1 Misunderstandings of Venous thromboembolism prophylaxis Veerendra Chadachan Senior Consultant Dept of General Medicine (Vascular Medicine and Hypertension) Tan Tock Seng Hospital, Singapore
2 Case scenario Madam TAA is a 5' 3," 100kg 58 yo female She is admitted to have a right total knee replacement. Her past medical history includes hypertension and moderate COPD. No personal and family history of VTE. Her home medications include hydrochlorothiazide 25 mg po daily, spiriva and albuterol. She has stopped smoking 1 year ago.
3 Question 1 1. Which of following is NOT a known risk factor for VTE development for Madam TAA? a. Obesity. b. Hypertension. c. COPD. d. Total knee replacement surgery. e. Age 58 years
4 Question 2 2. What is the minimum amount of time Madam TAA should receive VTE prophylaxis? a. 2 days. b. 3 days. c. 5 days. d. 7 days. e. 10 days.
5 VTE = spectrum of DVT + PE Common clinical problem. Significant morbidity and mortality. Major impact on one s health. Economic burden on healthcare system.
6 VTE - Pathophysiology VTE is a complex (multifactorial) disease, involving interactions between various risk factors. Stasis Alteration in normal blood flow VIRCHOW S TRIAD Endothelial Injury Injury or trauma to the inside of the blood vessel Hypercoagulability Alternation in the constitution of blood causing blood to clot more easily
7 VTE - Incidence Annual incidence of VTE in general population 104 to 183 per 100,000 person-years Males 130 per 100,000 person-years Females 110 per 100,000 person years Arch Intern Med. 1998; 158(6): VTE prophylaxis Identify patients who are at increased risk of VTE.
8 Assessing VTE Risk Who should be assessed? ALL adult patients admitted into hospital Others: Preadmission for elective surgery Patient Groups Patients discharged from ED with significantly reduced mobility relative to normal state eg in a cast/boot following lower leg injury Pregnant and post-partum women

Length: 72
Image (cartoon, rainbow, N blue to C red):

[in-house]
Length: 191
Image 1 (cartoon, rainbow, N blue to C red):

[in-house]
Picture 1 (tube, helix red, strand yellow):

9 Outpatient and Inpatient VTE are Linked 74% of VTEs present in outpatients. 26% of VTEs present in in-patients. 42% of outpatient VTE patients have had recent surgery or hospitalization. Spencer FA, et al. Arch Intern Med 2007; 167:
10 Misunderstandings of VTE prophylaxis Unfortunately, VTE prophylaxis for high risk hospitalized patients is extremely underutilized due to historical misconceptions. 1. the belief that the overall incidence of VTE among hospitalized and postoperative patients is too low to consider prophylaxis; 2. fear of bleeding from anticoagulants; 3.unawareness that prophylaxis is effective at decreasing VTE-associated morbidity and mortality; 4. unawareness that broad application of prophylaxis may be cost-effective; and 5. perceptions that VTE is not a significant problem in their practice. 6. the belief that risk of VTE is limited to in-patient stay and doesn t extend into out-pt setting.
11 Misunderstanding 1. Overall incidence of VTE is too low to consider prophylaxis Incidence of VTE without prophylaxis 10 to 40% of medical or surgical hospitalised patients 40 to 60% following major orthopedic surgery. It has been estimated that 10% of hospital deaths are due to pulmonary embolism. Chest. 2004;126:338S 400S. Therefore, VTE is considered the number one cause of preventable death among hospitalized patients.
13 Misunderstanding 2. Fear of bleeding from anticoagulation Bleeding is viewed as an act of Commission. Development of VTE is not viewed as an act of Omission.